A Swiss research group has developed tiny plastic particles that could carry gene therapies to the center of the cell with less risk of getting attacked by the immune system than conventional gene therapies.
The majority of gene therapies in use today are delivered to the DNA of target cells using viral vectors. While efficient at their job, viral vectors can risk triggering the immune system to destroy them. This can lead to the therapy becoming ineffective.
In a study published in the journal PNAS, scientists at the University of Basel developed tiny polymer ‘nanocontainers’ around 60 nanometers long that could solve this issue. The nanocontainers are designed to carry their gene therapy payload into the cell nucleus — where the genomic DNA is stored. They fool the cell’s regulatory mechanisms into letting them in because they have cell proteins called ‘nuclear localization signals’ attached to their surface, making them seem like regular vesicles on their way to the nucleus.
“This is precision medicine at the nanoscale,” said Roderick Lim, biophysics Professor at the University of Basel, and one of the lead authors of the study.
While viral vectors can also deliver gene therapies to the nucleus, these nanocontainers are designed to avoid activating the immune system, making the therapy more effective.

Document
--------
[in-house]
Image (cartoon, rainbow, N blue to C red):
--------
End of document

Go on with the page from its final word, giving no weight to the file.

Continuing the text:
There are several types of nanocontainers in development for drug delivery, and many groups are working to deliver their own nanocontainers to the cell nucleus. However, according to Lim, the nanocontainers in this study are the first to meet multiple criteria at once for delivering gene therapies to the nucleus, including being small enough, not being toxic to cells, being stable, and being equipped with nuclear localization signals.
In addition to gene therapies, the researchers also hope to use this technology to deliver other types of drugs into the nucleus such as chemotherapy. Making sure that chemotherapy drugs reach the nucleus without exposure to other parts of the cell could cause fewer side effects.
“Different drugs target different locations in the cell,” Lim told me. “Hence, it would be beneficial to deliver the right drug to the precise location in each individual cell.”
The researchers declined to comment on their plans for commercializing the technology. The idea of viral vector alternatives in gene therapies is being explored by a number of companies, with one of the most advanced being the French Eyevensys. This company recently raised a Series B round to fund the phase II trial of a gene therapy for the inflammatory eye condition chronic non-infectious uveitis, which is delivered using electricity into a muscle in the eye.
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